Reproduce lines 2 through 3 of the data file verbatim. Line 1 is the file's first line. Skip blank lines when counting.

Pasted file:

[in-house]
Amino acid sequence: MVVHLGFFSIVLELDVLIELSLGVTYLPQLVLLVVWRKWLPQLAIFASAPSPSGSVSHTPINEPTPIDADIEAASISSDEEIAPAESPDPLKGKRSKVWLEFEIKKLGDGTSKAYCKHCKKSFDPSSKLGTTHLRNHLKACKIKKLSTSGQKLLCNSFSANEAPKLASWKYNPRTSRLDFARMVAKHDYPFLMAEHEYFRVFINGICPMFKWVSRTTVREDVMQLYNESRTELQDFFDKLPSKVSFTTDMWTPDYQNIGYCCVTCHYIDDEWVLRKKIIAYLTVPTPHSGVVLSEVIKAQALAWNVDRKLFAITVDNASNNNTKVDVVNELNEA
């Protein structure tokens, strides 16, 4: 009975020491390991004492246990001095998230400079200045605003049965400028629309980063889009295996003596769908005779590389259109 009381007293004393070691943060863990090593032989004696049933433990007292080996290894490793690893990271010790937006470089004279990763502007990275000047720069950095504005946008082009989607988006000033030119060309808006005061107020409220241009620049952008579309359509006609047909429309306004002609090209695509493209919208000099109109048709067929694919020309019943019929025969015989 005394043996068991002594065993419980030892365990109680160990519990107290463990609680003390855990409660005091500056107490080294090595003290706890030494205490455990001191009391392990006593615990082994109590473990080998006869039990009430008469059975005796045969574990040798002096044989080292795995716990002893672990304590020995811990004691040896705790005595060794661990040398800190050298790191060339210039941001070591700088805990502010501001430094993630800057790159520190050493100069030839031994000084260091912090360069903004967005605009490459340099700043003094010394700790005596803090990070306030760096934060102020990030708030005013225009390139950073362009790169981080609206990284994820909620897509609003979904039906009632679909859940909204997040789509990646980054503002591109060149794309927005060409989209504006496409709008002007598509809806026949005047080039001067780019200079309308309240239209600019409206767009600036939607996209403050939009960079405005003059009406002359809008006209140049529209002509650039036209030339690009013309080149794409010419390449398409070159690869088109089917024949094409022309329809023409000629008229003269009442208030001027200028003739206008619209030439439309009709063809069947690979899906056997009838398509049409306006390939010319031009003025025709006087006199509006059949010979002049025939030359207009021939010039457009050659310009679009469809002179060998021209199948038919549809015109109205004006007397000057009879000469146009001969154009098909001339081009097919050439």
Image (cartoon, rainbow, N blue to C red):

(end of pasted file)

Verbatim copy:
Amino acid sequence: MVVHLGFFSIVLELDVLIELSLGVTYLPQLVLLVVWRKWLPQLAIFASAPSPSGSVSHTPINEPTPIDADIEAASISSDEEIAPAESPDPLKGKRSKVWLEFEIKKLGDGTSKAYCKHCKKSFDPSSKLGTTHLRNHLKACKIKKLSTSGQKLLCNSFSANEAPKLASWKYNPRTSRLDFARMVAKHDYPFLMAEHEYFRVFINGICPMFKWVSRTTVREDVMQLYNESRTELQDFFDKLPSKVSFTTDMWTPDYQNIGYCCVTCHYIDDEWVLRKKIIAYLTVPTPHSGVVLSEVIKAQALAWNVDRKLFAITVDNASNNNTKVDVVNELNEA
């Protein structure tokens, strides 16, 4: 009975020491390991004492246990001095998230400079200045605003049965400028629309980063889009295996003596769908005779590389259109 009381007293004393070691943060863990090593032989004696049933433990007292080996290894490793690893990271010790937006470089004279990763502007990275000047720069950095504005946008082009989607988006000033030119060309808006005061107020409220241009620049952008579309359509006609047909429309306004002609090209695509493209919208000099109109048709067929694919020309019943019929025969015989 005394043996068991002594065993419980030892365990109680160990519990107290463990609680003390855990409660005091500056107490080294090595003290706890030494205490455990001191009391392990006593615990082994109590473990080998006869039990009430008469059975005796045969574990040798002096044989080292795995716990002893672990304590020995811990004691040896705790005595060794661990040398800190050298790191060339210039941001070591700088805990502010501001430094993630800057790159520190050493100069030839031994000084260091912090360069903004967005605009490459340099700043003094010394700790005596803090990070306030760096934060102020990030708030005013225009390139950073362009790169981080609206990284994820909620897509609003979904039906009632679909859940909204997040789509990646980054503002591109060149794309927005060409989209504006496409709008002007598509809806026949005047080039001067780019200079309308309240239209600019409206767009600036939607996209403050939009960079405005003059009406002359809008006209140049529209002509650039036209030339690009013309080149794409010419390449398409070159690869088109089917024949094409022309329809023409000629008229003269009442208030001027200028003739206008619209030439439309009709063809069947690979899906056997009838398509049409306006390939010319031009003025025709006087006199509006059949010979002049025939030359207009021939010039457009050659310009679009469809002179060998021209199948038919549809015109109205004006007397000057009879000469146009001969154009098909001339081009097919050439």